Ethical Issues-Computer Crimes

By some estimates the personal records of about 73 million people in the U.S. were accidentally disclosed, lost, or stolen in 2006. In one high-profile case, a burglary at the home of an employee of the U.S. Department of Veterans Affairs resulted in the theft of a computer that contained personal data on more than 26 million current and former members of the U.S. military. The computer was later recovered, its data apparently untouched by the thieves, who had not realized what they had taken. There were fears that millions of other people might not be so lucky, however. In many cases the lost information included credit-card and Social Security numbers, which fueled concerns that stolen information could lead to widespread consumer fraud. In an 18-month period during 2005–06, well over 200 different security breaches at companies and government agencies were reported. As a result, credit-card issuers tried to reduce their vulnerability by pressuring companies that handled credit-card transactions to comply with strict new credit-card security standards that were backed by Visa and MasterCard. As the year ended, it appeared that identity theft had not risen to the level suggested by the amount of personal information that had been compromised, but there was no way to know whether identity thieves were simply biding their time before they used the information to steal money through bank or credit-card accounts.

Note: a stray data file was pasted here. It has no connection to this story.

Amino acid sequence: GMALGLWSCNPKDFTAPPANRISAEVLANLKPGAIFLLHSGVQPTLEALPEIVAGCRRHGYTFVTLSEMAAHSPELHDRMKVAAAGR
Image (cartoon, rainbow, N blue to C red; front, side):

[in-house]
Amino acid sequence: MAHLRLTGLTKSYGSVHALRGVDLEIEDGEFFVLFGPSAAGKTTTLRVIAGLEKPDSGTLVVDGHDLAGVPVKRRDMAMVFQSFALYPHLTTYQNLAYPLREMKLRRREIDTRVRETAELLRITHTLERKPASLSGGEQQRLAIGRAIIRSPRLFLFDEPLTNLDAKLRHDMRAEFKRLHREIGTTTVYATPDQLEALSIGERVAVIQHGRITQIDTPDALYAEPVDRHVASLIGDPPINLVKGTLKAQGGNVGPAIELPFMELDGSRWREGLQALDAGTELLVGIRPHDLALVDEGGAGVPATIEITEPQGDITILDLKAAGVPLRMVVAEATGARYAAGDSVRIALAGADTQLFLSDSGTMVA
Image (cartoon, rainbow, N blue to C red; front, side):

Perpetrators of identity theft who had been caught recounted the ease with which they cashed in on stolen information. Thieves typically stole identity information when it was inadvertently disclosed or through “phishing” schemes, in which they used e-mail to persuade people to submit a credit-card number or other personal information to a fake Web page that pretended to represent a real business. Using a stolen credit-card number, the thieves then transferred money to themselves from a victim's account or purchased goods by using the victim's identity. The scope of the theft efforts was huge; in a single month more than 17,000 phishing attacks were reported to volunteer groups trying to prevent identity theft.

Many different computer crimes are committed, which clearly poses ethical questions for society. Various illegal acts are performed on computers, such as fraud and embezzlement. This includes, for example, using imaging and desktop publishing to create, copy or alter official documents and graphic images. There are also various ethical dilemmas, such as whether copying such files is as bad as stealing something.


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